Phantasy Star Online 2 Game Review

  • Gameplay
  • Combat
  • Graphics
  • PvP/PvE
  • Story

Phantasy Star Online 2 Information

Although it will never reach the Western market,¬†Phantasy Star Online 2 is an Anime inspired, scifi-themed free to play Action MMORPG published by SEGA. It is one of the most populated Japanese MMORPG online, housing hundreds of different channels and millions of players. Featuring amazing graphics, music, and fast, engaging combat, it’s no wonder it’s so popular in Japan.

Video Review - Is Phantasy Star Online 2 Worth Playing?

Is Phantasy Star Online 2 Worth Playing in 2018?

Phantasy Star Online 2 is one of the largest free to play MMORPGs in Japan.
Every popular MMO Youtuber has at one time or another played through this game, both Wiggy and I having done quite a few videos on it ourselves.
Outside of maybe Soul Worker Online, Phantasy Star Online 2 has one of the most complete Anime feels in an MMORPG.

Unfortunately for us Westerners though, PSO2 was never released in English.
Sega never graced us with an official English release, and likely never will.
It’s been too many years, and there are too many cosmetic items from various games that even if they were to release it internationally, they would run into so many licensing issues it wouldn’t be worth it to them.

Nevertheless, there is an incredibly large English patch for the game maintained by fans that, admittedly, translates more than any fan translation I’ve ever seen for a game.
And it’s fairly understandable, to boot!
That is why I’m doing this review of the game.
I want to go over whether or not the English translated version of Phantasy Star Online 2 is worth playing currently in 2018, and further going into 2019.

Character Customization

For an Anime inspired MMORPG, Phantasy Star Online 2 offers some of the best character creation currently available to an Anime title.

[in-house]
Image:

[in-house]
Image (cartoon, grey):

The game offers 4 unique races to choose from, the Humans, Newman, Cast, and Dewman. Each race looks drastically different from the other, but at their core – they are all humanoid.
Again, for an Anime MMORPG, you’re given a lot of customization options. You are able to customize a large amount of your characters face including eye patterns, colors, eyelashes, makeup, along with the overall facial structure.
You’re given quite a sizeable variance of hairstyles to choose from, and like all MMOs – you’re given the option to edit the hair color as well.
Then you’re given skin color, and the ability to further reshape your characters body. You can have your character looking like a little loli, or a large she-hulk.
The possibilities are almost endless, honestly. I cannot stress how good the character creation in PSO2 really is.


Gameplay is very fast, like, ridiculously fast. Some of the battles we’ve come across during our level 20s are some of the most insane looking fights we’ve ever witnessed.
The battles you happen across – or at least the larger battles you happen across are huge in scale and filled with enough special effects to give people seizures if they’re epileptic. Probably even if they’re not.
Character movement is very fluid – granted, the characters don’t move as well as they do in Soul Worker, but PSO2 is a little dated, coming out when Wiggy was still in school.